The open data movement has gained its biggest victory yet.
In an editorial published simultaneously in 14 major medical journals today, The International Committee of Medical Journal Editors (ICMJE) delivered a full-throated endorsement, in both actions as well as words, of data sharing by clinical researchers. Here is the core of the ICMJE proposal:
As a condition of consideration for publication of a clinical trial report in our member journals, ICMJE proposes to require authors to share with others the deidentified individual patient data (IPD) underlying the results presented in the article (including tables, figures, and appendices or supplementary material) no later than six months after publication.
Harlan Krumholz, principal investigator of the Yale University Open Data Access (YODA) Project expressed considerable enthusiasm for the development:
This is a remarkable day; the medical editors showed leadership in demonstrating that we medical scientists must put the interests of society first. There are a lot of details to work out – but they have given substantial impetus to the open science movement and to the efforts to have medical research be transparent. If this proposal is accepted, then the medical science world will be forever transformed for the better.
The proposal will also require potential authors to include data sharing plans at the time of trial registration. (Current ICMJE regulations require trial registration before the beginning of patient enrollment.) The ICMJE is inviting comments on the proposal through April 18. Implementation of the rules would go into effect one year after the rule is adopted.
Truth and Consequences
Several experts (contacted by Roger Sergel at MedPage Today) pointed out some possible limitations or unintended consequences of the ICMJE plan.
Zaven Khachaturian, editor-in-chief of Alzheimer’s & Dementia: Journal of the Alzheimer’s Association,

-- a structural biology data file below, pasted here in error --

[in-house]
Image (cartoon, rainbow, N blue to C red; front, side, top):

predicted that the rule “very likely will have the opposite effect that the ICMJE expects, it will delay the publication of clinical trials results; in some cases after registration and/or marketing of a drug.”
Milton Packer ((Baylor University, Dallas) agreed in part with Khachaturian, but made the perhaps counter-intuitive point that the rule won’t discourage publication of industry-sponsored trials but might hinder non-industry sponsored trials:
I strongly endorse the newly proposed ICMJE rule on data-sharing of clinical trials. It will NOT discourage publication of industry-sponsored clinical trials, since these undergo such careful quality control. However, I suspect that this new policy may discourage publication of NON-industry sponsored clinical trials, which are generally not audited and do not have quality-controlled databases and whose analyses are not subject to review by regulatory agencies.
Finally, I contacted Ben Goldacre (Oxford University and AllTrials), who said the proposal is “excellent news.” But Goldacre also wanted to emphasize that the new rule will not solve a much bigger problem involving missing data, because it does not and can not address the problem of trial results that go unpublished:
While all progress on all fronts is good news, I am somewhat concerned by the widespread emphasis on IPD (individual patient data) from this and other initiatives, many of which (such as ClinicalStudyDataRequest) have significant budgets. This emphasis may come at the expense of initiatives to improve availability of overall study results, which is where the real demand is.
At AllTrials we have recently conducted an overview of applications for IPD access. The key finding is: “very few applications”. We are hopefully working with Cochrane to survey systematic review authors to find out why they are not requesting such data, but I suspect the answers will be a combination of “too expensive and time-consuming to work with”, “it doesn’t add enough to summary results to justify the extra resource”, and “we didn’t know it was there”.
It will be good to see IPD being shared and used more. However, tens of thousands of researchers are clamouring for access to summary results, while there have only been a couple of hundred requests for IPD. It is perhaps noteworthy that IPD can only be shared after review of applications, and to small numbers of individuals, after permission is granted by the company, because of the very real privacy concerns around sharing pseudonymised individual patient data online. Sharing summary results is simple: they just need to be placed online.
Overall, therefore, while greater support for IPD sharing is definitely great news, it’s very odd that all this resource and effort is now going into IPD sharing, when IPD sharing is expensive and not in demand, with complex governance and access control issues, whereas summary results sharing presents no privacy issues, and has been highly in demand, for many decades, but with multiple ongoing barriers to access, and frustratingly slow progress.